Credit Cards

6 Tips to Handle & Store Credit Card Information Securely

Introduction

Let’s admit it; card information leaks are becoming more common in the headlines these days. 

Physical security risks in restaurants and retail outlets, alas, are not discussed as often as the myriad computer threats.

We are swiftly moving forward towards a digital currency and have been for some time. However, today’s shoppers want and deserve to feel protected and secured when providing credit cards for purchases. 

As a result, eateries, stores, and other organisations have an ethical and business commitment to protect their customers’ details.

Let’s learn some of the tips to handle and store credit card information privately and safely. 

Make no electronic copies of sensitive cardholder information.

Train staff to recognise and reject the use of any unauthorised external equipment that records account information, including a “skimmer.” Criminals have been seen to visit the team and ask that devices be installed to track credit card data.

In the majority of cases, the staff, not the perpetrator, is arrested and convicted. Thus, it may appear to be easy money, but the individual engaged might potentially face jail time.

After it is no longer required, both printed and virtual cardholder information must be destroyed. 

If you no longer require it, dispose of it responsibly. When it’s no longer relevant, erase all accurate credit card info.

Credit card information should not be noted on a paper. 

For the sake of ease, businesses may choose to preserve credit card data. Unfortunately, this approach is not safe, no matter how efficient it appears to be. Cardholder data must be maintained in a locked drawer with only a few people having access to it.

If a customer leaves their credit card behind by accident, discard it within 24 hours if it isn’t being collected. 

We all are in hurry and tend to forget things here and there from phones, shopping bagss to card. If a buyer accidentally ends up leaving their card in your organisation, contact them the same day to notify them your company is in control of the card and that it will be destroyed if not appropriately claimed within a set period of time.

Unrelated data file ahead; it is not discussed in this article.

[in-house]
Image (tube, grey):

Avoid sharing credit card details in an email or other type of discussion. 

Sending credit card or banking information through email is not a good idea.  As a side note, make sure your workers know that under no conditions would your company ask for personal cardholder info. Any requests for such data should be directly notified to a supervisor.

If you see something you’re not sure about, let us know. 

Report anything that appears dubious. If you notice credit cards are handled in a hazardous manner, notify the appropriate leadership team to resolve the situation. To counteract security concerns, it is also strongly implied that you check the cash wrap region regularly for any signs of physical hardware tampering.

Conclusion 

Applying these six best practices will go a long road ahead toward ensuring that you fulfil your legal obligations to protect credit card account credentials and e PCI compliant. But that’s not the only cause to do it: safeguarding your clients’ credit card details demonstrates that you care about them, which is simply great business.

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